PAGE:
Tuesday, October 30, 2007

Collaboration Conundrums

Harvard Business Review has an interesting article by Lynda Gratton and Tamara Erickson. It points out some of the paradoxes of teams.

  • We know that diversity is a strength once a team is well formed. Diversity brings forth creativity and insight that comes from multiple perspectives held by those from different backgrounds and viewpoints. The paradox.. research shows that the higher the proportion of people who do not know anyone else on the team and the greater the diversity, the less likely the team members share knowledge.
  • Knowledge is good. Right? We want our teams to have specialize knowledge. We want the experts, but research shows that the greater the proportion of highly educated specialists on a team, the more likely the team is to disintegrate into unproductive fights. Kinda sounds like a faculty meeting...
  • Virtual teams.. it is the great solution for all of us who travel too much. Wikipedia.. Facebook.. etc.. the Net is allowing us to work together in new ways at a distance. It all makes sense, but research shows that as teams become more virtual... collaboration declines.
So what is the message for leadership. There are great examples where the above paradoxes were overcome. The question is are these examples, these successes we see the norm or are they exceptions to the rule. Think of the last time you were on a team that was diverse, has self-proclaimed experts, or were meeting at a distance. These teams have much to offer, but we have to accept that this is a huge challenge. The first step is to pick up the latest version of Harvard Business Review and read it. The second step is to ponder the following questions:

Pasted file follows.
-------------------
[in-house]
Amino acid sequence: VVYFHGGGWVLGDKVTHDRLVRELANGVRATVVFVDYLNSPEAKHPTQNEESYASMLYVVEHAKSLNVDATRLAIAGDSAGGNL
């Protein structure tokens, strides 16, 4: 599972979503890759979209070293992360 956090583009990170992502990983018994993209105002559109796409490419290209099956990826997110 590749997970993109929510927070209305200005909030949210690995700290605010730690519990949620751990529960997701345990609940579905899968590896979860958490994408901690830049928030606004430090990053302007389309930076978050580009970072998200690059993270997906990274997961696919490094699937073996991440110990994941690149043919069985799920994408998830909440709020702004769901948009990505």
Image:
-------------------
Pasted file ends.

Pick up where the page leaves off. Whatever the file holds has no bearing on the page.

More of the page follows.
How do we build trust with individuals who are different from us?

How do we build trust with individuals who perceive they know more than us?

How do we build trust with individuals who are at a distance from us?

TRUST.. sort of becoming a theme for this blogger lately...

1 comment:

Virginia said...

My goodness! These questions are very pertinent to an assignment I've recently taken on. I will be helping three small groups/teams work together in the wiki environment. One of the teams is composed of members who are mostly in the same state. The other two teams are comprised of educators at several different unversities.

I agreed to take it on because I have the opportunity to bring the core members together for one face-to-face meeting. I believe that is a critical step to helping them recognize the strengths each member brings to the table. It is my hope that once they see each other, it will be harder for them to return home and not do what they've committed to doing. And, I do hope that we can begin to build trust between the members.

I suppose it can be done at a distance, but as you noted, Mitch, it is a huge challenge to get it done that way.

Thanks for the blog!